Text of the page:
Dr. Stephanie Bishop’s publication in Nature Partner Journal


Congratulations to Stephanie Bishop, Ph.D., Assistant Professor in the School of Pharmacy, for her contributions to the manuscript entitled “BCL9/STAT3 regulation of transcriptional enhancer networks promote DCIS progression”, published in the Nature Partner Journal Breast Cancer. Below you will find an abstract written by Dr. Bishop of the manuscript:

A breast cancer diagnosis often elicits myriad emotions and questions regarding the likelihood that a tumor will progress from ductal carcinoma in situ (DCIS) to invasive ductal carcinoma (IDC).  A dearth of validated biomarkers that correlate with the risk of metastasis stymies definitive and efficacious treatment options.  Thus, in order to preserve patient health and peace of mind, difficult and controversial decisions are made regarding treatment. 

The Behbod laboratory previously discovered that B-cell lymphoma-9 protein, or BCL9, is upregulated in many breast tumors as they progress from DCIS to IDC, however the causal and/or correlative mechanism whereby BCL9 contributed to invasive progression was unknown.  Elucidating this mechanism would not only confer an additional therapeutic target, it could also serve as a critical biomarker for patients’ risk of invasive progression.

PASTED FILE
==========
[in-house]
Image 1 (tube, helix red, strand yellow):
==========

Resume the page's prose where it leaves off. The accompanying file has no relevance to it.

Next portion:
Relying on a variety of sophisticated in vitro and in vivo approaches, this manuscript presents two seminal findings:  first, BCL9 contributes to invasive progression by regulating expression of integrin β-3 and matrix metalloproteinase 16, which enhance cellular invasion and proliferation.  Second, administration of rosemary extract and its major ingredient, carnosic acid, prevent progression of DCIS to IDC.  Together, these promising results yield a new therapeutic target and lead compound, which warrant further investigation into new protein targets and molecular scaffolds that inhibit invasive progression.  Continued efforts towards these goals shall yield improved diagnostic and therapeutic tools, which will serve breast cancer patients and their providers.  Because other cancers such as bladder, lung, ovarian, and liver also exhibit increased BCL9 expression, the future directions proposed in this manuscript show promise for inhibiting progression to invasion in these cancers as well.